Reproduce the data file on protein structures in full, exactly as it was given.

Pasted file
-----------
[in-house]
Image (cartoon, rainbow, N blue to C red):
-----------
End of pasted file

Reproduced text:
[in-house]
Image (cartoon, rainbow, N blue to C red):